servations to an assumed theoretical distribution. The procedure is named after two
Russian Mathematician A.N.Kolmogrov and N.V Smirnov who were primarily respon-
sible for its development. Thus we have to test H
0
: X F
0
(x)V sH
1
: X F
0
(x).
The test statistic is
D = Sup|F
0
(x) S
N
(x)|
where F
0
(x) is the distribution function proposed by the null hypothesis and S
N
(x) is
the empirical cumulative distribution function. if D is large it is reasonable to reject
the null hypothesis
H
0
: X F
0
(x) = 1 e
.125x
, x > 0.
Table 3.2
X F
0
(X) S
N
(X) |F
0
(X) S
N
(X)|
2 0.221199 0.277777 0.056778
4 0.393469 0.388888 0.004581
6 0.527633 0.555555 0.027922
8 0.617503 0.555555 0.061946
10 0.713495 0.722222 0.008727
12 0.776869 0.722222 0.054648
14 0.826226 0.777777 0.048448
16 0.864665 0.833333 0.031331
18 0.894601 0.944444 0.049844
20 0.917915 1.0 .082085
D
n
= Max|F
0
S
X
| = 0.082085
for n = 18, D
n,
= .279
D
n
< D
n,
Hence we accept the hypothesis that the tted distribution is a good t
Conclusion
The distribution of idle hours is exponential with mean 8. Thus if X(days)denotes
the idle days for a chosen projects, then the probability density function of X is
f(x) = (1/8)e
x/8
; x > 0
12
3.3 Distribution of Age
our assumption is that age of employees working in the well construction project is
normally distributed. for checking the validity of out assumption age of 786 employ-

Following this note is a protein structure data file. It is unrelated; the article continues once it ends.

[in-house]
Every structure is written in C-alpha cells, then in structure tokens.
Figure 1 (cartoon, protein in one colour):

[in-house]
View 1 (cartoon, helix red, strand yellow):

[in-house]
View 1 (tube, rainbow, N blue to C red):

ees are taken. the data collected is presented in the following table.
Table 3.3
Age 15-20 20-25 25-30 30-35 35-40 40-45 45-50
Freq 5 48 152 240 198 70 11
The mean() and standard deviation() estimated are as follows
= 28.9917
= 5.974102
Therefore the assumed probability function is
f(x)=(5.974102

2)
1
exp{/2{(x 28.9917)/5.974102}; < x <
Chi square goodness of t test
For this the statistic is,

2
=

i
(O
i
Ei)
2
E
i
where O
i
is the observed frequency and E
i
is the expected frequency of the i
th
class.
if calculated
2
is greater than
2

, the tabled value, We reject the hypothesis.


To calculate the expected frequency we rst nd the standard normal variate cor-
responding to the lower limits of each class interval.
Table: 3.4
Age Observed Lower Z =
(x)

(Z) N(Z) Expected


Frequency limit(x) Frequency
- - 0 0 0
15-20 5 15 -2.34206 0.0096 6.9504 7
20-25 48 20 -1.50511 0.0655 40.4716 40
25-30 152 25 -0.66817 0.2514 134.5916 135
30-35 240 30 0.168779 0.5675 228.8564 229
35-40 198 35 1.005724 0.8438 202.72 203
40-45 70 40 1.84267 0.9671 89.2692 89
45-50 11 45 2.679616 0.9963 21.408 21
13
since the expected frequency corresponding to the class.New there are 7 classes
Hence d.f= 7-2-1=4

2
=

(O
i
E
i
)
2
E
i
= 13.78179

2
4
(0.05) = 15.086

2
<
2
4
(0.05)
So we accept the hypothesis that the distribution of the age of employees working in
the well construction project is normal with mean 28.9917 and variance 5.974102.
conclusion.
The distribution of age of employees working in the well construction project is
normal with mean 28.9917 and variance 5.974102.The probability density function is